I'm nowhere near the extremist that Andrew is, but indigenous rights has always been something I feel strongly about. Even so, I'm not entirely sure why this is affecting me so deeply. I'm getting seriously choked up, and I have to quicken my pace. I just can't take this. Unfortunately (or even fortunately), it's all over the heads of my students, and I feel I have to explain what it's all about. I have a very hard time doing so, but at least now they've got it.
After that, we go upstairs to an exhibit on minerals and mining. It's quite fascinating. However, after having been through that very moving Indigenous Peoples exhibit and seen how Australia is trying to atone for some of the racist mistakes of the past, I am surprised to see a reference to "American Indians" here. Just for good measure, as we're leaving, I go to the main desk and point out that the term "American Indian" is obsolete, and that "Native American" is better. (I'm almost tempted to say "First Nations". Almost.) The three staff members there thank me.
(As we're leaving, I hear one of them sigh and say, "So it's 'Native Americans' now, is it? What's next, I wonder...")
Leaving the museum, we get a scenic tour of the city. My general impression of Sydney is that it is most definitely urban. Compared with Brisbane, it is much larger in scale, busier, and life clearly moves at a much faster pace. It's also not quite as congenial, though it is a very beautiful city. Whereas Brisbane is an odd mix of the very old and the very new, Sydney shows a lot more continuous development. I'd also have to say that, compared with Brisbane, Sydney seems a lot more...well...British. The look, feel, and style seem to remind me a bit more of London. (I sincerely hope that neither Olivia, YD, nor my various Aussie friends will take any offense at that!)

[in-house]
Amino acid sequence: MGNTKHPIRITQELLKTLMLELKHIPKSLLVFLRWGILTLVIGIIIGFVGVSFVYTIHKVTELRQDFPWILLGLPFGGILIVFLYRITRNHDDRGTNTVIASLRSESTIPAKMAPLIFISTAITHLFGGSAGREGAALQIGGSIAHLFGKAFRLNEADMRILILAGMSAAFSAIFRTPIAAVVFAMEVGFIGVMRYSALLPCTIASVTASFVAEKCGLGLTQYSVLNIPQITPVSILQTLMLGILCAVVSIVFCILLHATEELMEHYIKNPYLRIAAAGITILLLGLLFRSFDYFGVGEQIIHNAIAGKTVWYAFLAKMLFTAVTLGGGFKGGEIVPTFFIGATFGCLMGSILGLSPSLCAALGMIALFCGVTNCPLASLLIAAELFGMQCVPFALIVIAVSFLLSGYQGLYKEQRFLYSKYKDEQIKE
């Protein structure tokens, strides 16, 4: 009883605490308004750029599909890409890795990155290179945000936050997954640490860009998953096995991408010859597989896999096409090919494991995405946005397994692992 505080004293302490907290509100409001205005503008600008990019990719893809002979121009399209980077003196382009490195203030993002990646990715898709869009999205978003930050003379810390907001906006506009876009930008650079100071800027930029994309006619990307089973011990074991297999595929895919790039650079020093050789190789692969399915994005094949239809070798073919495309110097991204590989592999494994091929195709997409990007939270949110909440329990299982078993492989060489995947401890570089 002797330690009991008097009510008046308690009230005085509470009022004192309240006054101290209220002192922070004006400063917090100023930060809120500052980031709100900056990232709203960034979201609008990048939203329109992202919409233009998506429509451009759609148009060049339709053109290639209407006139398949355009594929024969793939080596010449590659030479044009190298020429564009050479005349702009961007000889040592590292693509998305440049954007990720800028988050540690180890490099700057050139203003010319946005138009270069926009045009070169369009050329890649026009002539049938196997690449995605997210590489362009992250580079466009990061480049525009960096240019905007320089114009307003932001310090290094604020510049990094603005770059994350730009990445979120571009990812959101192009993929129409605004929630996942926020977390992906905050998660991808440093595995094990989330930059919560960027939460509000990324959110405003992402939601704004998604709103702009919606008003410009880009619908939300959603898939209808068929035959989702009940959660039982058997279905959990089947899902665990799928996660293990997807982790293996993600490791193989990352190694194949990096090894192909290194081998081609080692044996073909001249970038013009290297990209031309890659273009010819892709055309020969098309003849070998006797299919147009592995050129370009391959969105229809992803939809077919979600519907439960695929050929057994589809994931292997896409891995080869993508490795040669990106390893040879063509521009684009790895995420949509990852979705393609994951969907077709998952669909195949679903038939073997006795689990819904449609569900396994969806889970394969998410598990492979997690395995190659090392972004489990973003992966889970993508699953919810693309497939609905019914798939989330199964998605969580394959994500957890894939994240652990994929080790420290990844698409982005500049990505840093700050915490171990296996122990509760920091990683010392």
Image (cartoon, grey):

Anyway, after the tour we are taken to a famous duty-free shop in The Rocks. It is souvenir-hunter's heaven, and it is hardly surprising that almost everyone shopping there is speaking either Japanese, Chinese, or Korean. Our group goes hog wild. When we're done, we all emerge carrying massive loads of shopping bags, many of which are stapled shut and labeled "not to be opened until after boarding departing aircraft". Impatience can lead to a fine of several thousand dollars. That's fine. My souvenirs can wait.
We finally arrive at our hotel, the Sydney Boulevard. It's a tall, nice-looking hotel located downtown, and it offers a wonderful view from its top floor lounge/restaurant. There are some surprises, though. It's apparently part of a Malaysian/Singaporean hotel chain (Bayview Hotels), which might explain why the staff is overwhelmingly Indian (as in India, not Native American or even First Nation). In fact, it doesn't take long to notice that the place is packed, and the many guests are almost all Indian, Chinese, or Middle-Eastern-looking.
(Our students seem a bit nervous, as they are unaccustomed to dealing with so many different ethnic groups, but the Middle-Eastern-looking guests are actually the most polite.)
We have dinner up in the top floor lounge. It's actually the first Aussie beef I've had the entire trip. (It's also the smallest portions I've had the entire trip, but anyway...) Unfortunately, because of a miscommunication with the travel agency, they've cooked all our steaks well done, and they're rather tough. The kids don't seem to mind, but Mr. K is cocking his head and moaning again. (I'm moaning, too, but it's because I'm not allowed to drink anything alcoholic for the duration of our Sydney stay since our students are with us, meaning I'm "on duty". I'll stick to water. My gut will probably appreciate it.)
I don't think I'll have to worry about loud, drunken parties upstairs or people puking and spitting onto my deck (because I don't have one; nothing but a nice view of the city outside my 9th [U.S. 10th] floor window). However, they've put our full party on the same floor. Since this is the first night our students have all together, it's more or less a given that they're not going to be getting any sleep. They have a lot of catching up to do with each other.
Fortunately, I still have Kafka on the Shore.